Washington Post columnist Kathleen Parker wrote on August 7 that despite the ongoing COVID-19 pandemic, American schools should reopen. Parker’s column was written despite a now dubious 2016 column predicting the country would be “fine” if Donald Trump won the election.
In her recent column entitled “Covid-19 isn’t going anywhere. So schools must reopen,” Parker writes, “Children need to be in school; parents need to return to work; the world needs to keep turning.”
Despite noting that she is under “no personal risk,” Parker argues that teachers and other school employees must nonetheless face potential exposure to the virus that has killed more than 157,000 Americans and infected over 4 million in the United States.
Parker’s rhetoric is similar to Donald Trump, who has pushed for school reopenings despite a deadly resurgence of the virus that has killed as many as 2,000 Americans in one day.
Experts have said that reopening schools could lead to disaster, not only exposing children to the virus (despite a lower risk of death than adults), but also allowing the virus to be spread via children attending schools with haphazard preventative measures and equipment in place.
Parker advocates for a potentially dangerous policy across the country despite her wildly off the mark 2016 column.
“Calm down. We’ll be fine no matter who wins,” Parker wrote on November 4, 2016.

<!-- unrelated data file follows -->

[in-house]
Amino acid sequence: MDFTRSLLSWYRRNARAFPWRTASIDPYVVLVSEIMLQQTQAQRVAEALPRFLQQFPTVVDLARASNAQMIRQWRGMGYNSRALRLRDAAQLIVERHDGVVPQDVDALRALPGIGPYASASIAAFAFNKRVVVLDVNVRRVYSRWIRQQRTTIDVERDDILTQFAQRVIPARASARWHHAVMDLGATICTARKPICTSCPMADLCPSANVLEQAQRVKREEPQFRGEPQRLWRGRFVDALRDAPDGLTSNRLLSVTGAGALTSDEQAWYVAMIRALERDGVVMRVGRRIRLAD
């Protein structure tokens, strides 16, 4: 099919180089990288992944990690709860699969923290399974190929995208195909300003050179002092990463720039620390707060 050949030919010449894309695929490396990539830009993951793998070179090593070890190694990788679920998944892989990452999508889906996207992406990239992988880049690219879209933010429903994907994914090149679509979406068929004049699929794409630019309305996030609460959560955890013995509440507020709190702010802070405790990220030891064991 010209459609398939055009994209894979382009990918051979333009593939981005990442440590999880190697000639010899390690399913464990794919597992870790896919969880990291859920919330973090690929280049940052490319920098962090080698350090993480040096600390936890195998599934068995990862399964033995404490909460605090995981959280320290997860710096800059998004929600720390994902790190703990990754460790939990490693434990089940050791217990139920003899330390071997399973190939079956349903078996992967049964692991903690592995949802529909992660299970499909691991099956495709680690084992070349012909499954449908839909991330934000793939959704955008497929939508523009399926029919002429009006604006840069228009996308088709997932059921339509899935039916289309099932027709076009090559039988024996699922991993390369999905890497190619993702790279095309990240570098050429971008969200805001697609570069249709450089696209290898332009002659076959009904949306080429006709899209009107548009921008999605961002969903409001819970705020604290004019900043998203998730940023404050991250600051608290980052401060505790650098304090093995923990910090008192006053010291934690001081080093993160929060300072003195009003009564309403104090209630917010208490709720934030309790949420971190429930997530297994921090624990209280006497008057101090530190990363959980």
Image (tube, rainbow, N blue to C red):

“If Trump wins, he’ll be held more or less in check by the House and Senate because that’s the way our system of government is set up. Not even Republicans are eager to follow Trump’s lead,” she wrote.
Parker added, “He won’t impose any religion-based immigration restrictions, because even Trump isn’t that lame-brained. He’ll dress up and behave at state dinners and be funny when called upon.”
As millions of Americans are now aware, Trump did much of what Parker unequivocally said he would not.
Even on a relatively trivial issue, Parker was wildly off the mark.
“He’ll even invite the media to the White House holiday party,” Parker wrote.
In fact, Trump canceled the White House holiday party for the press.
When Parker wrote her 2016 column, many observers who turned out to be right ridiculed her positive outlook.
Now, in 2020, the same columnist has staked out a position diametrically opposed to the combined expertise of many who are deeply involved in infectious diseases.